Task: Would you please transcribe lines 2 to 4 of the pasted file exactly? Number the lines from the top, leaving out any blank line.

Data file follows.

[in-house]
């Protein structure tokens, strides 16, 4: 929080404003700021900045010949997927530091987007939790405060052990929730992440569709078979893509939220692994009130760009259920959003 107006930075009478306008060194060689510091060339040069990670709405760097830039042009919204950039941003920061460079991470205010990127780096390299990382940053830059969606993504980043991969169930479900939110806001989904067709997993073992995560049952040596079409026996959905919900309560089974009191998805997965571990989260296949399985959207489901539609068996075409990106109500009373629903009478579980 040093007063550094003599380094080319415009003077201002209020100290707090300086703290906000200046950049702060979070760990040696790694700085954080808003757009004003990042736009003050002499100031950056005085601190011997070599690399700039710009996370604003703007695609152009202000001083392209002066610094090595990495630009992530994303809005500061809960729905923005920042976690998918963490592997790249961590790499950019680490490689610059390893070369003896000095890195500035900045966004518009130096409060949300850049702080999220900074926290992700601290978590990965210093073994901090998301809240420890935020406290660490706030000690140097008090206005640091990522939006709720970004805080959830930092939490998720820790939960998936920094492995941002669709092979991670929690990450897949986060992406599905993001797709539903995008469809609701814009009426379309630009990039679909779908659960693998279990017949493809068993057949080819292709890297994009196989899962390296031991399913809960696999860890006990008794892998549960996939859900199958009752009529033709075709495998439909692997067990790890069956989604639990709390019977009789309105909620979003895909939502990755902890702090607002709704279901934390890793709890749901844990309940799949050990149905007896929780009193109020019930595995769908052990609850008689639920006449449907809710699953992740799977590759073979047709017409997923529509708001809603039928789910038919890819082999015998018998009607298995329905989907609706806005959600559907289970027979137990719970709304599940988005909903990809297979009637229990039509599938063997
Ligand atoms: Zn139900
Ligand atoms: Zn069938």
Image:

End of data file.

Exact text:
């Protein structure tokens, strides 16, 4: 929080404003700021900045010949997927530091987007939790405060052990929730992440569709078979893509939220692994009130760009259920959003 107006930075009478306008060194060689510091060339040069990670709405760097830039042009919204950039941003920061460079991470205010990127780096390299990382940053830059969606993504980043991969169930479900939110806001989904067709997993073992995560049952040596079409026996959905919900309560089974009191998805997965571990989260296949399985959207489901539609068996075409990106109500009373629903009478579980 040093007063550094003599380094080319415009003077201002209020100290707090300086703290906000200046950049702060979070760990040696790694700085954080808003757009004003990042736009003050002499100031950056005085601190011997070599690399700039710009996370604003703007695609152009202000001083392209002066610094090595990495630009992530994303809005500061809960729905923005920042976690998918963490592997790249961590790499950019680490490689610059390893070369003896000095890195500035900045966004518009130096409060949300850049702080999220900074926290992700601290978590990965210093073994901090998301809240420890935020406290660490706030000690140097008090206005640091990522939006709720970004805080959830930092939490998720820790939960998936920094492995941002669709092979991670929690990450897949986060992406599905993001797709539903995008469809609701814009009426379309630009990039679909779908659960693998279990017949493809068993057949080819292709890297994009196989899962390296031991399913809960696999860890006990008794892998549960996939859900199958009752009529033709075709495998439909692997067990790890069956989604639990709390019977009789309105909620979003895909939502990755902890702090607002709704279901934390890793709890749901844990309940799949050990149905007896929780009193109020019930595995769908052990609850008689639920006449449907809710699953992740799977590759073979047709017409997923529509708001809603039928789910038919890819082999015998018998009607298995329905989907609706806005959600559907289970027979137990719970709304599940988005909903990809297979009637229990039509599938063997
Ligand atoms: Zn139900
Ligand atoms: Zn069938």